R: I’ve got it saved on my favourites, it’s the chicken and sundried tomato pasta. I don’t make it with chicken myself, just the sundried tomato pasta. The photo looks amazing and as soon as I saw it come up on the app, I just wanted to make it straight away. It’s really healthy, and it’s so hard at university because you want to make something that’s easy, something that’s quick, but you also don’t want to make something that is just out of the oven.

 

So, what have you got planned next, you guys and/or Digimeal?

 

R: We’re currently working on a new version that’s going to be released hopefully by the end of March; it’ll be very different to the initial app that is currently available on the appstore. It’ll be a much better app and I think it’s going to look quite different as well. A lot of people have given us good feedback about how it looks so we’ll try not to move too far away from that, but I think it’s going to be a great version of the app.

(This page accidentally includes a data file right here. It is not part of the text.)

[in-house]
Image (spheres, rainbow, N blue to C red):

Besides, of course, Digimeal, what other phone apps do you think are essential for students these days?

 

R: I personally don’t use that many apps, I do have a couple of cooking ones and fitness ones but I don’t think they’re specific to students. There is one that I’ve heard of though that I haven’t downloaded yet, just because I’m in first year so not in a house yet: you basically enter in all the chores that need to be done and assign them to certain people, like when the bills are due to be paid. It looks really helpful for when you’re in your second and third year and you’re living in a house.

 

S: I definitely couldn’t live without Twitter, or Snapchat. There is one actually that my friend found, it’s a photo sharing app. On a night out, everyone puts their photos up on there and it comes out as a full video of everyone’s photos. I can’t remember what it’s called, but that one was quite a cool one that we used. I think the main ones I can’t live without are the social media ones.